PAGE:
BRICK LANE, by Monica Ali (Doubleday, $34.95).
The hype – the next Zadie Smith, a generous two-book deal, a huge advance and a place on Granta’s hottest young writers list and all on the basis of a few chapters – was warranted. Brick Lane is very, very good. It follows the journey of 18-year-old Nanzeen, from rural Bangladesh to Tower Hamlets, London, and an arranged marriage with the fortysomething, frog-faced Chanu. She arrives with only two words of English but enough fortitude to see her through a loveless marriage, her children’s cultural collisions and her own journey of self-realisation. Vivid characters, compelling story – and humour, too.
THE BRIDE STRIPPED BARE, by Anonymous (Fourth Estate, $25).
This is the kind of book that a woman might pick up to see she is not alone – but she might just want to hide that reason from her partner. Although (deliberately?) sprung before the novel even appeared, the decision to publish anonymously convinced people that Nikki Gemmell was simply writing about her own life, her lack of satisfaction with her husband and her need to find it outside the marital bed. It’s written in the second person as if to accuse every reader of wanting to experience it for herself, but it’s not the lurid, guilt-ridden sex-fest you might expect, and that’s a good thing. Instead, it’s an oddly gripping, intimate account of a woman trying to sort out her domestic life, with a bit of bonking thrown in.
ORYX & CRAKE, by Margaret Atwood (Bloomsbury, $49.95).
This is Atwood’s second version of a dystopian future, the first being The Handmaid’s Tale, which focused on women and reproductive technology. This particular post-Armageddon is the result of bioengineering and Atwood lets her imagination run riot – there are pig-like animals that grow multiple organs for farming, headless chickens with multiple breasts, and a strain of herpes that glows in the dark. The hero is Snowman, who is introduced at the beginning of the novel living in a tree and wearing a sheet, possibly the last man alive, his only company a group of beautiful but bland humanoids. Atwood spends the rest of her hugely entertaining novel revealing how it came to this.
DOUBLE VISION, by Pat Barker (Hamish Hamilton, $34.95).
Barker’s acute insights into the effects of war seem to be limitless. Her latest emerges from the background of the war zone of Slobodan Milosovic, and poses questions about the need for increased state responsibility for war crimes. The ethics of war reportage and photo-graphic journalism in contemporary war and acts of terrorism have a terrible
topicality; it’s also a good love story. Barker’s prose is a model for all would-be writers. Her great skill is in hooking the reader in to challenging topics by disarmingly casual metaphor. Be warned – the moral dilemmas of this book will keep you awake at night.
ANTHEM, by Tim Binding (Picador, $37.95).
A massive, unfashionably sprawling, invigorating exploration of England during the Falklands crisis – using the microcosm of a single street. Anthem is an emotional and moral snapshot, framing the last great hurrah of a washed-out colonial super-power. Binding’s novels roam a vast landscape while remaining psychologically intimate; his empathic gift allows compassion for the venal, the weak, the damaged, the lost and the violent – and for an England whose flag, however triumphantly it might be waved, is forever faded.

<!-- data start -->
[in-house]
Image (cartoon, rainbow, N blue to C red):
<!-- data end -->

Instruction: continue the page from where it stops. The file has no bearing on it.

THE RULES OF ENGAGEMENT, by Anita Brookner (Viking, $26.95).
Jane Austen’s lucid toughness without the bitchy humour. Brookner’s heroine inhabits a melancholy – unrecognisable – 20th century. Elizabeth is relentlessly genteel: no job, no financial worries, few friends. She never swears, eats take-aways or uses a computer, and is aggravatingly well-mannered, even while having sex with her husband’s best friend. Why read the book? For the beauty of the prose, with its occasional, superb bitterness – “It seemed that love no longer made her happy, from which I deduced that it was the real thing” – and for bleak acceptance that rule-breakers not only get away with it, they are also rewarded with rest, pleasure and prosperity.
COSMOPOLIS, by Don DeLillo (Picador, $37.95).
Shorter than his Underworld and more grounded than The Body Artist, DeLillo’s latest is a postmodern adventure through New York. Despite the characters’ many protests about luxury and technology, the author likes what he sees. Simultaneously bloated and underwritten, the narrative shifts between allegory and action with glossy speed. A spy novel for people who think too hard.
THE SCORNFUL MOON, by Maurice Gee (Penguin, $34.95).
New Zealand’s best male writer about families puts a bunch of both genders into the national and sexual politics of the 1920s-30s, then quietly, consummately tells you what happens. The story supreme as always; decent, appalled lives respectfully rendered. Gee goes on extending his reach, showing us ourselves, opening up those places we had only dimly known existed.
NOTES ON A SCANDAL, by Zoë Heller (Penguin, $45).
The unofficial runner-up of this year’s Booker, Notes on a Scandal is a disturbing tale of repression and obsession. The narrator, 60-year-old spinster and schoolteacher Barbara, gives an unsentimental and increasingly unreliable account of her fellow teacher and friend Sheba’s affair with a 15-year-old student. Barbara’s notes on this scandal reveal as much about herself – her loneliness, self-loathing and possible lunacy – as they do of Sheba and her transgression and the book ends on a chilling, if not surprising, note. There’s an easy balance between black comedy and tragedy and Heller’s prose is caustic and clever, while her eye for significant detail is unerring. A brainy spine-chiller to rival Ian McEwan’s Enduring Love.